The Heart of Money: Is Going Back to School the Best Way to Invest in Myself?
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Q: I’m thinking about going back to school. Biz school, law school, grad school? I’m not sure which. All I know is that I can’t spend the next 20 years doing what I’m doing, and I think two or three years of school would break me out of my rut. I can handle the expense. What I’m really wondering is if school is the best way for a middle-aged person to invest in myself?
Paul Sutherland: A few years ago I met a woman who had spent her life being a nurse and at age 52 went back to school to become a physician’s assistant. A good friend in his 40s took his wife and seven-year old to Dharamsala, India, to study Tibetan/Buddhist medicine. I don’t think either of them went back to school for economic reasons, and neither was financially rich. They went because they felt called.
You are not being called. You are being pushed—by a feeling of being in a rut. That is a bigger challenge. It is harder to be motivated by escaping a rut than to be compelled to do something that excites you. But here’s a place to start: In Buddhism there is a teaching that says, “Empty your bowl, then fill it.” You do not have to know what you will fill it with. If it is full of something spoiled or full of bad habits, or if you are stuck in a rut, just empty it. Let it be empty.
So my response to your situation is twofold: First, I wonder if you should quit your job and take a while to travel. Not to see the world, but to experience the world. Maybe rent a place in a region you find interesting and just go there to live. Maybe even enroll in school, volunteer, or get a job to help you connect with the locals and become aware of the culture.
My second suggestion is to kiss the ugly of your present job and see what it is that makes it so distasteful. Is it the job, or is it your attitude toward the work? Are you engaged 100 percent and giving it your all? Are you kind and friendly to your coworkers? Do you have a vital and enjoyable nonwork life? Before you quit, my prescription would be to go to 10 different yoga classes, 10 different churches or holy places (synagogues, Buddhist temples, meditation centers, prayer meetings) and eat out with 10 different friends. Shake up your patterns! Then take a few weeks and just walk a lot and think about what you really wish to do with your life. I would ask for guidance and opinions from your friends and be open to what’s next for you.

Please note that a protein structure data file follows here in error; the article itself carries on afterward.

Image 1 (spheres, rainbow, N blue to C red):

Discontent is very good. It can help move us to our calling. So be happy you have fallen in a rut. Feel blessed—and do something about it.
Q: We have three kids under five, and my husband wants us to stay a two-earner household. He says we need to save for retirement, sock money away for college, and pay off our mortgage early. So all we do is work all day and parent all night. What is the point? I’m exhausted. Our lives suck! I would like to stay home. Help!
Paul Sutherland: Tell your husband you want to quit and that you don’t care if the mortgage isn’t paid off early, the kids have to start at community college, and you never retire. Tell him that you are not happy and feel that you’re missing out as a parent. If your children are a priority, and your family’s well-being is the most important thing in your life, then you have to give them your time.
From my experience with five kids, if you do not place your family first, you will never be happy. So if you want to be happy, create a happy family environment. Ninety percent of a child’s brain is formed in the first five years of life. So your children’s emotional and psychological well-being depends on having caregivers who are loving, compassionate, reasonably centered, and emotionally, mentally and physically present. You have to be there for them.
I would suggest creating a four-year plan where you don’t work. Stop funding for retirement, quit paying extra on the mortgage, and stop saving for now. If you have to simplify or downsize by moving to a smaller home, do it. Children need their parents.
If you really can’t afford to spend more time with your kids, make sure you have great caregivers who are consistent, loving, and emotionally present. Other suggestions: See if you can go half time or three-quarters time. See if your husband and you could each go three-quarters time. Look at your options and be creative.
What is the point? you ask. Happy children are raised by happy parents. So get happy! Who cares if you pay off your mortgage at 87 and retire at 88?
Paul Sutherland is chief investment officer of the FIM Group and founder of the Utopia Foundation, which sends volunteers around the globe through utopiavolunteers.org.